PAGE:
Canadian court invalidates asylum agreement with the US
A Canadian court Wednesday invalidated the country’s Safe Third Country Agreement with the United States, ruling elements of the law violate Canadian constitutional guarantees of life, liberty and security.
But Federal Court Justice Ann Marie McDonald delayed the implementation of her decision six months.
“I conclude that the provisions enacting the (safe third country agreement) infringe the guarantees in section 7 of the Charter,” McDonald wrote in her decision, referring to the Canadian Charter of Rights and Freedom, part of Canada’s Constitution. “I have also concluded that the infringement is not justified under section 1 of the Charter.”
Under the agreement, immigrants who want to seek asylum in Canada and present themselves at ground ports of entry from the United States are returned to the U.S. and told to seek asylum there.
But if they request asylum on Canadian soil at a location other than an official crossing, the process is allowed to go forward. In most cases, the refugees are released and allowed to live in Canada, taking advantage of generous social welfare benefits while their asylum applications are reviewed, a process that can take years.
Last fall Amnesty International, the Canadian Council for Refugees and the Canadian Council of Churches sued, arguing that the Canadian government has no guarantee that those returned to the United States will be safe because of the Trump administration’s treatment of immigrants.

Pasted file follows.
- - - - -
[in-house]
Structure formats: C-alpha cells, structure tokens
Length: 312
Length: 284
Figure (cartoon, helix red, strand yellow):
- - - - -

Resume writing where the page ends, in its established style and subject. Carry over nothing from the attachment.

The legal challenge cited the widespread detention of asylum seekers who are turned back from Canada and the separation of parents and children as other examples of why the U.S. is not a “safe” country for newly arrived immigrants.
Mary-Liz Power, a spokesperson for Canada’s Public Safety Minister Bill Blair, said they were aware of the decision.
“Although the Federal Court has made its ruling, that decision does not come in effect until January 22nd 2021,” Power said in a written statement. “The Safe Third Country Agreement remains in effect.”
On Wednesday, Justin Mohammed, of Amnesty International Canada, one of the parties that filed the lawsuit that led to the ruling, said he’d received the decision, but hadn’t fully digested it yet.
Since Trump took office in 2017, tens of thousands of people have crossed into Canada at locations between ports of entry where they were arrested, but then able to file a refugee claim.
Many of those migrants crossed into Quebec from upstate New York on Roxham Road, a location that until the COVID-19 pandemic was a magnet for immigrants in the United States who wanted to seek asylum in Canada.